Luckily, it isn’t that difficult to avoid the worst offenses, and most others can be forgiven. Follow the advice above and you should be just fine.

Have some tips on using hashtags correctly? Let us know in the comments.

Image Credits: tweet face, bethoven hashtag, hashtag bracelet.

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Create an Overview of All On-Page Links – Featured SEO Tool of the Week

Today’s featured tool is quick and easy but it’s also so valuable: Internal/External Link Analyzer Tool

The tool will crawl any web page and create a clear list of all external and internal links plus the anchor text for each link.

  • Create a quick on-page link report!
  • Quickly see which links are nofollow
  • See links that have no anchor text (those might be hidden or overlooked)
  • See total number of internal versus external links on the page
  • Identify badly optimized or over-optimized (as much as I hate that word) links
  • Quickly go to any link
  • Hover over any link to see the full path

Internal/External Link Analyzer Tool

Check out the previously reviewed tool: Compare on-Page SEO of Two or More Pages (Featured SEO Tool). It also returns the list of internal and external links for several pages you point it to!

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Compare on-Page SEO of Two or More Pages (Featured SEO Tool)

This week in our “Featured tool” column we are sharing a neat online on-page SEO comparison tool that lets you quickly get an idea of how each of them is optimized and how the on-page tactics differ. Use the tool:

  • To grab top Google results competing with you and compare their on-page tactics
  • To compare your own pages if one seems to be performing better (for an unknown reason)

On-page SEO in numbers

The tool will give you a quick overview of basic on-page stats:

  • Words on each page;
  • “Linked” words on each page;
  • “Unlinked” words on each page;
  • Total links on each page;
  • Page size
basic on-page stats

Basic but essential numbers

Plus you’ll get a bird’s view of most essential meta tags (title and meta description)

(Sub)heading structure

Heading structure of each page (H1-H6 subheadings and their contents)

(Sub)heading structure

The overview of H1-H6 subheadings for each page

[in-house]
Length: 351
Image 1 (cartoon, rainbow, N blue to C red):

On-page keywords (Gold!)

Keyword usage of non-linked words on-page: one-, two- and three-word phrases (This one is gold for identifying ranking differences for internal pages!)

On-page keywords

Most frequent three-word combinations retrieved from each page

On-page links

The tool will list all links it could find on a page and break them into internal and external groups.

Finally the tool will provide you with the full CSS- and HTML-free text for all pages as well as full HTML code for each. Everything on one page!

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Analyze Google SERPs with Smart Page Keyword Density Tool – Featured This Week!

Today’s featured tool is a smart keyword density analysis utility that you can use to analyze SERPs (search engine results pages)!

The steps:

  • Run a search on Google and copy-paste the results URL
  • Remove s from https of the URL (to make sure the tool can access it)
  • Add &num=100 to the results to make sure the tool has a ton of text to analyze
  • Run the URL through our tool

Suddenly you have the whole list of keyword suggestions to work with:

Google SERPs analysis

Google SERPs analysis

Mind that the tool takes all on-page content and analyzes keyword co-occurrence – which means you get a good glance of your core-term keyword context.

If you scroll a bit, you’ll see further analysis of non-linked content (which in this case means analysis of meta-descriptions and parts of the text Google thought was closest-related to your search term):

Analysis of non-linked part of Google SERPs

Awesome use of an old tool. Can think of any more?